October 18, 2018
| Heather A. Conley, Donatienne RuyA new CSIS report "Crossing Borders: How the Migration Crisis Transformed Europe’s External Policy" examine the shift in the European Union’s foreign and development policies through funding decisions to respond to the 2015-2016 migration crisis and its lasting consequences.
With greater, accelerating urbanization in food security, food systems in the global South deserve a specific place at the table of development priorities, as Christian Man, research fellow with the CSIS Global Food Security Project, writes in his commentary.
Now that the BUILD Act is law, it is time to revisit why the legislation matters and what it implies for agencies such as OPIC and USAID as Daniel Runde and Romina Bandura from CSIS Project on Prosperity and Development writes in a new commentary.
To say that the UN High-Level Meeting on noncommunicable disease has disappointed observers and many participants alike is an understatement as Robert Newman, senior associate with CSIS Global Health Policy Center, writes in a new commentary.
This report outlines the main observations from a recent trip made by a research team from the CSIS Global Health Policy Center and the CSIS Global Food Security Project to Uganda and gives policy recommendations for future U.S. engagement on nutrition in Uganda.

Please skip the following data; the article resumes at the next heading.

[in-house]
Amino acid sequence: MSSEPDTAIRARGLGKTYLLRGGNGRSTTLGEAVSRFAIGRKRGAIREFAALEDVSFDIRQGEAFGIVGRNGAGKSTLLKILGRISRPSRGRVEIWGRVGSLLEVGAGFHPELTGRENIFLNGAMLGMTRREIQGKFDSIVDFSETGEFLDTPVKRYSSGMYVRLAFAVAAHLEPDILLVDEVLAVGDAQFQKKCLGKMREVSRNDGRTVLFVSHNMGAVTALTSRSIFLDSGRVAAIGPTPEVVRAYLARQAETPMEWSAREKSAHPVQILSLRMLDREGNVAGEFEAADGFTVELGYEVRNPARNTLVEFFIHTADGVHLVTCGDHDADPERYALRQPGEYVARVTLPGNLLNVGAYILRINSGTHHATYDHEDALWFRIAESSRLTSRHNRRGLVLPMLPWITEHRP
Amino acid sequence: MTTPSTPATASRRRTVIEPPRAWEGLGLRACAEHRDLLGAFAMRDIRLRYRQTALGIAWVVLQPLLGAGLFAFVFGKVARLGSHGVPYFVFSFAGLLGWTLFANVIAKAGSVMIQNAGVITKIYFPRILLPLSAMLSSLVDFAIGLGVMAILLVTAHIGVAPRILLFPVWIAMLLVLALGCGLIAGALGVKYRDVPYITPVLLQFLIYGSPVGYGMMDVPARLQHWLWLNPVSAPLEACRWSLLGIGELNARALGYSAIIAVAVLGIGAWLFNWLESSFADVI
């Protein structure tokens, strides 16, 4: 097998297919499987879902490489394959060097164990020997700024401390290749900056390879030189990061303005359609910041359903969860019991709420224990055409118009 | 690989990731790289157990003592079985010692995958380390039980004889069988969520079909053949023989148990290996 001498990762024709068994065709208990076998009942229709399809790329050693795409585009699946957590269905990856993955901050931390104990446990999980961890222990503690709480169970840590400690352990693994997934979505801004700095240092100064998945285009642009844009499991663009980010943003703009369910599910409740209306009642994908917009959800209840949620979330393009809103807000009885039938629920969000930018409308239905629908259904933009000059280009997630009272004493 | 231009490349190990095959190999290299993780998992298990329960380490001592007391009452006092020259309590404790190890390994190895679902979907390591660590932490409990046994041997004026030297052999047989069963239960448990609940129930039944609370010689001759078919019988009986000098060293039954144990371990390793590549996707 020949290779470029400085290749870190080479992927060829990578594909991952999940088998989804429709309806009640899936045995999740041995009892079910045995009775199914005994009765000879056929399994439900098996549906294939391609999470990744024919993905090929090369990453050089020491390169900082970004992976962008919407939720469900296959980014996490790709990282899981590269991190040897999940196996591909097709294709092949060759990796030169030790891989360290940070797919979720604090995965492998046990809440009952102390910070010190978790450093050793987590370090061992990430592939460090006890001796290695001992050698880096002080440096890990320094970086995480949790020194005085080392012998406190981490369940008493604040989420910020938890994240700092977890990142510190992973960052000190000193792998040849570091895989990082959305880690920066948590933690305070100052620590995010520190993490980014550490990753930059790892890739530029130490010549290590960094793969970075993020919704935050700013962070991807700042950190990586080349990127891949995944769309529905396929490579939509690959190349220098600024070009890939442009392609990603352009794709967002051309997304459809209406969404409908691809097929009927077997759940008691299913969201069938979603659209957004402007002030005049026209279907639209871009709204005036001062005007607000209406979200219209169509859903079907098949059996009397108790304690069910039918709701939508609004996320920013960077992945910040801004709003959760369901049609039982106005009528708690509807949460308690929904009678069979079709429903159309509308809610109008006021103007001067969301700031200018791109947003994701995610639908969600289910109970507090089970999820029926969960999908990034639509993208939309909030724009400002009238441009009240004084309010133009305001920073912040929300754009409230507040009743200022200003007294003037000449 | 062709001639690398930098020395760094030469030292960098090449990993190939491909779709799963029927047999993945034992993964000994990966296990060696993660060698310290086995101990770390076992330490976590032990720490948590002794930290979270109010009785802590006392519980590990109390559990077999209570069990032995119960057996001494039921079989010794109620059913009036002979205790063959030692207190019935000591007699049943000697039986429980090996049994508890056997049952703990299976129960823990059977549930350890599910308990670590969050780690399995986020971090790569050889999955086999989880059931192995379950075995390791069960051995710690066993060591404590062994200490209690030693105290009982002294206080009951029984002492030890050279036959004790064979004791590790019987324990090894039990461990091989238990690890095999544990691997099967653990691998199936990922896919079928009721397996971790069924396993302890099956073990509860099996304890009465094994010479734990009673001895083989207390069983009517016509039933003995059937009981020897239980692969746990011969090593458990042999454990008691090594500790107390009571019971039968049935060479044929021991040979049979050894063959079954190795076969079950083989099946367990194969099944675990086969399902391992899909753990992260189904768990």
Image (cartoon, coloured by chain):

In the absence of a clear U.S. policy, first lady Melania Trump’s travel last week renewed questions about U.S. priorities, programs, and funding in sub-Saharan Africa as Judd Devermont, CSIS Africa Program director, writes in a new CQ piece.
CSIS report “Information Warfare: An Emergent Australian Defence Force Capability” sets out some key questions from the Australian military concerning information warfare and its implications for allies and security partners seeking to confront this challenge.
Moscow continues to wage an offensive information campaign designed, in the words of the U.S. Director of National Intelligence, to “weaken and divide the United States.” But Washington has been reactive, slow to respond, and focused on defensive measures.
This report examines congressional views on key foreign policy issues with recommendations for future areas of bipartisan collaboration on opportunities for strengthening Congress's institutional role in foreign policy.